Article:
White Bass Management and Fishing in Pennsylvania
Prepared by R. Lorantas, D. Kristine and C. Hobbs
PFBC Warmwater Unit
Goal: Maintain or create robust sport fisheries through preservation and enhancement of essential habitats and through harvest management of wild populations.
White Bass occur and are indigenous to rivers, streams, and lakes of the Ohio River drainage and the Lake Erie drainage. The Ohio River drainage includes the Ohio River, Allegheny River, and Monongahela River drainages. White bass occur in reservoir and lake (lentic) habitats as well as in river (lotic) habitats. White bass have not been encountered outside of their native range in Pennsylvania. White bass have not been observed in the Susquehanna River, Delaware River or Potomac River drainages. All lake, reservoir and river populations in western Pennsylvania are self-sustaining. Predominant reservoir populations occur in the Allegheny Reservoir, Pymatuning Lake, Conneaut Lake, and Lake Erie. Notable river populations occur in Pennsylvania’s Three Rivers (Ohio, Allegheny and Monongahela rivers).
White bass typically spawn in late spring in western Pennsylvania waters. In lakes and reservoirs spawning typically takes place near or within the riverine portion of these lentic systems. In all waters eggs are fertilized within the water column, then sink to the bottom, hatching occurs in about two days. Survival of each year class varies from year to year sometimes in dramatic fashion. Both environmental features such as flow and temperature, and biological features such as prey density, have been suspected to influence year class survival. Since white bass do not spawn in the near shore zone, but rather in mid-water locations, year classes are typically less influenced by water level fluctuations, which influence year class abundance of many near-shore spawning river species.
Sport harvest limits and stocking represent the most widely applied techniques used by fishery biologists in Pennsylvania to sustain and enhance white bass sport fisheries. White bass stocking occurs very infrequently, and only to bolster weak natural populations. Annual stocking does not take place to maintain white bass populations in Pennsylvania.
With respect to harvest management, inland regulations accommodate harvest of 50 panfish, combined species, which includes white bass. No minimum size limit or seasonal restrictions apply. White bass are a prolific species but show considerable variation in abundance. Most variation in abundance is attributed to variation in production of young versus variation associated with angler harvest. Biologists regularly sample fish populations to measure their density, size structure, and age structure which provides information pertaining to year class abundance. Findings from these evaluations accommodate development of management plans to maintain or enhance density and size structure of white bass populations. In association with those evaluations growth of white bass is examined by measuring length, weight, and taking a scale sample to determine age. In Pennsylvania, a 9 inch white bass is approximately 1.7 years old (Fig. 1) and weighs 0.3 pounds, when white bass are 12 inches in length they are approximately 3 years old and weigh approximately 0.8 pounds. We have tabulated average ages and weights for a variety of lengths of white bass in Pennsylvania (Table 1). Anglers find these tables useful in approximating the weight and age of their catch. Growth of white bass, recruitment of young white bass to the population and loss of older white bass are important considerations in developing management plans.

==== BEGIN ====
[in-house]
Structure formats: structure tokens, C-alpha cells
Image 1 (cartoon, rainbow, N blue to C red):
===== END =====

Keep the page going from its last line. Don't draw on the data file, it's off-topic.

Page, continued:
Figure 1. Average length of white bass (March –June), striped bass (March-June), white x striped bass (March-June), and white perch (March – October) collected by Fisheries Biologists in assessment gear in Pennsylvania.
Table 1. Average weight and average age of white
Tabulating catch and harvest by anglers from various waterways is also useful in developing management plans. Information derived from creel surveys frequently yields information of interest to anglers since seasonal peaks in catch occur for most species. White bass can be caught most any time of year, generally though, highest catch per hour occurs in spring in large reservoirs and rivers (Fig. 2 and 3). With fishing destinations identified from maps on this site and information describing good times to catch white bass, anglers need only select an effective bait or lure. Most anglers catch white bass casting from shore or more frequently drifting a boat over deeper water. A jig tipped with a minnow, a small spinner bait, or a weighted spoon are all effective. Anglers should keep in mind that white bass are considered sight feeders, so visibility should play a role in lure selection. White bass are powerful fighters for their size and popular among a growing segment of Pennsylvania anglers.
Figure 2. Average catch per angler hour of white bass from large size Pennsylvania reservoirs.
Figure 3. Average catch per angler hour of white bass from Pennsylvania rivers.
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